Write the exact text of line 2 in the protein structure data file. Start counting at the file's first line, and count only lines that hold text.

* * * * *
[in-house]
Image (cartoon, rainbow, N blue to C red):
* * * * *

Image (cartoon, rainbow, N blue to C red):